2. Sounds like Canadian vapers have been bent over and shafted only difference they got some lube unlike the Americans. Not allowed to make health claims wtf happened to free speech

  3. Awesome, Brent! It's about time someone calls these people out about the weakness of their so called advocacy.

  4. Personally I have always disagreed with bright colourful childish cartoons drawings on the e – liquid bottles, I think they should be more simple clean and elegant , some already are and that's the ones I buy .

  5. its vegetable glycerine, not vegetable oil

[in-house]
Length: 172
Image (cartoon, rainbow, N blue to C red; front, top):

6. Is health Canada also going to put their foot down on the alcohol industry marketing flavours that appeal to youth? Yeah I thought not.

  7. Thank you, Brent and Marc!

  8. Seams like Health Canada may be going the right way

  9. DIY,DIY, DIY is the answer. instead of paying $60.00 for a 140 ml bottle, I average under $5.00 for products even tastier than retail. tweeked to my liking. Haven't bought ejuice since beginning of June. Great hobby and easy to do. Today is my first year free of cigarettes after 47 years of smoking. And surprisingly, I did it without Health Canada approval!